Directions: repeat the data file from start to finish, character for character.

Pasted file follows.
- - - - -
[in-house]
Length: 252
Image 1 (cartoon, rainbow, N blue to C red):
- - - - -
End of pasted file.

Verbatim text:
[in-house]
Length: 252
Image 1 (cartoon, rainbow, N blue to C red):